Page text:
Already in 1920 Walther Meissner, head of the Low-Temperature Laboratory, had considered the possibility to install a facility for the liquefaction of helium and thereby extending the available temperature range to lower values. During March 1925 helium was liquefied at the Reichsanstalt for the first time. Worldwide Meissner’s laboratory was the third location, where experiments in the temperature range of liquid helium could be performed (after Leiden in Holland and Toronto in Canada). One of the important subjects studied by Meissner dealt with the low-temperature phenomenon of superconductivity, and he succeeded in discovering about half a dozen new superconductors. In addition to looking for new superconducting materials, Meissner was also interested in their fundamental and particularly in their magnetic properties. In this context he was supported by Max von Laue, who suggested accurate magnetic-field measurements near the surface of a superconductor during the superconducting phase-transition. The result of this endeavor was the discovery of the Meissner effect, which is the complete expulsion of a magnetic field from the interior of a superconductor. This effect represents the most fundamental property of a superconductor, and its discovery was a turning point in the field. Now superconductivity could be understood in terms of a new phase in thermodynamic equilibrium, and subsequently the theory advanced in great steps. The role of Walther Nernst in bringing in Max von Laue cannot be overemphasized.

Gradually Nernst started to dislike his duties as President of the Reichsanstalt, which kept him too much away from his scientific activities. So on April 30, 1924 he resigned from this office. Instead he accepted the position of the Chair of Experimental Physics at the University of Berlin. This position had been vacant since the death of Heinrich Rubens in 1922.

Professor of experimental physics in Berlin 1924 - 1933

In 1922 Max Ernst August Bodenstein had become Nernst’s successor at the Institute of Physical Chemistry in Berlin. In his Institute of Experimental Physics Nernst turned to problems of astrophysics and to the cosmological implications of the second law of thermodynamics. He had developed an interest in these subjects already as a student in Graz in 1886, when he read the text of the inaugural lecture by Ludwig Boltzmann at the Academy in Vienna. In this lecture Boltzmann discussed the heat death of the universe as an unavoidable consequence of the second law of thermodynamics.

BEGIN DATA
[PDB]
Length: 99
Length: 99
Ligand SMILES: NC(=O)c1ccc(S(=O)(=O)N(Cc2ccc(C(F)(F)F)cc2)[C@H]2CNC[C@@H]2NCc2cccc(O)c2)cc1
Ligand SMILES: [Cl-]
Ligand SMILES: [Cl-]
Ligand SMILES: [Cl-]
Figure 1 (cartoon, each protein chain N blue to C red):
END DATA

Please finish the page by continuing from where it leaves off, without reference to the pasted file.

As President of the Physikalisch-Technische Reichsanstalt Nernst had paid special attention to the upcoming subject of cosmic radiation and had supported the corresponding activities of the Laboratory for Radioactivity at the Reichsanstalt. Nernst had recognized that in order to clarify the origin of the cosmic radiation, the development of special instrumentation and measurements in the high mountains of the Alps were needed. Because of his suggestion, a permanent research station was set up at the Jungfraujoch in Switzerland under Werner Heinrich Kolhörster. During the summer of 1923, Nernst together with Kolhörster and Hans Geiger, participated in such a measuring campaign at the Jungfraujoch. At the time these activities were highly important for the existence of cosmic radiation becoming gradually accepted by the scientific community and for clarifying its origin from regions of outer space (instead of regions within the earth).